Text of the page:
Bihar: Is Prashant Kishor really a ‘Gandhian’ on a mission?

The election strategist recently announced the 'pre-launch' of his rebranded Jan Suraaj party — just ahead of the assembly elections of 2025

Election strategist Prashant Kishor announces his own Jan Suraaj party (photo: Getty Images)
Election strategist Prashant Kishor announces his own Jan Suraaj party (photo: Getty Images)

Soroor Ahmed

Judging by the large number of cars parked outside the relatively new Bapu Bhavan in Patna, the state capital of Bihar, it appeared to be an important event.

It was nothing more, nothing less than a conclave recently hosted by Jan Suraaj, the organisation founded by election strategist Prashant Kishor in 2021–22, which he plans to turn into a full-fledged political party on 2 October 2024.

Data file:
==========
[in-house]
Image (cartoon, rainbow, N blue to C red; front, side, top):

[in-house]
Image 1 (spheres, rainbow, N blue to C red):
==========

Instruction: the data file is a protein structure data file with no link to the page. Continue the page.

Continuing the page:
The Jan Suraaj Party, Kishor declared on TV in the first week of June, would form the government in Bihar next year. This announcement was lost in the excitement of (erroneous) exit polls that forecast a landslide victory for the BJP in the Lok Sabha. It’s only now that Bihar is waking up to the man and his mission.

Claiming to be a Gandhian inspired by the freedom struggle, Kishor had launched his padayatra from Champaran almost two years ago. Addressing the conclave in Patna, he said, “You may have heard on TV that nobody backed by Prashant Kishor has ever been defeated electorally. In next year’s election, I have decided to back the people of Bihar, not any political leader or party. This time, too, I will not let you down. Next year, you will be the winner.”

His timing cannot be faulted. He senses a political vacuum in the state with Lalu Prasad Yadav and Nitish Kumar’s 35-year-old dominance about to end.

Both leaders are at the fag end of their political careers. None of the other political parties, namely the BJP, Congress or the Left, have leaders who can fill their shoes.